The jealousy of the brothers culminated after Yosef recounted his dreams. in the first dream, the 11 sheaves of wheat representing his brothers bow to the sheave of wheat representing him. In the second dream, the sun and the moon as well as 11 stars bow to him, which meant that his entire family, including his parents will bow to him [Bereshis 37]. The Ramban points out: that Yosef realized the seriousness of his dreams. As the Pasuk says: “Now Israel loved Yosef more than all his sons since he was a child of his old age,” literally ben zekunim, [Bereshis, 37:3] refers to intelligence and wisdom in Hebrew; Rashi therefore explains that Yosef was able to absorb all the Torah knowledge his father had learnt in the Yeshiva of Shem and Ever. If so, it’s difficult to understand why Yosef recounted his dreams, while all he could expect was more jealousy? How was he so sure that they were Divine dreams and not simply teenager fantasies of grandeur? Why were the brothers so skeptical as the veracity of those dreams? Had they any hint as why they would suspect these dreams to be only a wishful expression of grandeur? The Zohar teaches: A regular person doesn’t have complete control over his body or mind. Two parts are beyond his control; His imagination and his reproductive organs. However, the Tzadik has gained control even on them. From here we learn that most of the person downfalls are due to these two uncontrolled parts, and our duty is to control them. Yosef accomplished it at a very young age. The uncontrolled imagination changed the fate of the entire world. Indeed, it was the source of the original sin, the partaking of the Tree of Knowledge of Good and Evil. The physical manifestation of this loss of control over our imaginations is manifest in the lack of our control over our reproductive organs. The fact that these organs react as though they had a mind of their own is a constant reminder of our descent, and a constant source of embarrassment. That is why they are invariably concealed by all human cultures including the most primitive. This is why right after sinning the first reaction of Adam and his wife was to realize their nakedness, as the Pasuk says “Then the eyes of both of them were opened and they realized that they were naked; and they sewed together a fig leaf and made themselves aprons.” [Bereshis 3:6] Why were Adam and Eve suddenly so embarrassed by their nakedness after having eaten the fruit when they had not been at all self-conscious about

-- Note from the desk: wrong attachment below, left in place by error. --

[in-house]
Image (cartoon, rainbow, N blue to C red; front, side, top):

walking around naked before? What’s the correlation between the sin and the nakedness? The Zohar explains: before man’s sin, the human body was made of Celestial light just as the Neshama and therefore were joined in a perfect and eternal union. By virtue of the sin, the body materialized and became opaque to the inner spirit, leaving only the eyes to serve as a gateway to the Neshama that lies within. Their unity was forever dissolved, and the body can only live as long as the Neshama resides in it. The out-of-control parts have a common denominator, all they seek is gratification and evil doing. They characterize the worst forms of egocentrism and self-gratification while rationalizing and convincing the person it’s within his rights to act. They have an overwhelming power, basically forcing the person to act against his will, and without the slightest regard to the appropriateness of the moment or the relationship. They are in the direct charge of man’s fantasy and imagination and serve as a living demonstration of the lack of man’s control over these faculties. The question that arises is why the person is then responsible? And what tolls are available to defeat these phenomena’s? The Zohar explains: the person is composed of two wills; “the will to take” and “the will to give”. The Yetzer Hara powers the person to be a taker, while the Yetzer Hatov is teaching the person not to be a taker but a giver. Since birth the person is taught to receive and to take, and only as he grows up, he’s taught of the importance to give. To illustrate the mechanism let’s review a seemingly insignificant detail in last week Parasha, Yaakov sent 580 animals as a present to his brother Esav. If the number was not important the Torah wouldn’t mention it. Interestingly, Tefilin [תפילין ] numerical value is 580, and Seir [שעיר ] has also the same numerical value. Yaakov hinted then to Esav, that he had overcome his “will to take”, he was then in full control and therefore didn’t sin while by Lavan. The Zohar elaborates, that when Esav realized that he became fearful of Yaakov and decided to go welcome him peacefully. Because when a person elevates himself to that level of control, he’s invincible, Hashem defends him and make all his enemies fall before him like dead insects. This is the reason of the miracles of Chanukah. With opulence people became materialistic and started chasing the wrong ideologies. As a retribution, they were invaded by the most materialistic civilization that ever existed. But when they realized that they were on the wrong tracks and this ideology has brought on them only pain and disasters, they decided to make Tshuva. With the power of that general Tshuva it took only 7 Kohanim and their sister to defeat the most powerful army in the world at that time. How is it conceivable that 7 Rabbis and scholars that never bore a sword fought successfully the best trained soldiers of the world? And not only a handful of them but tens of thousands of them till they chased them out of the Land of Israel? This defies any logic.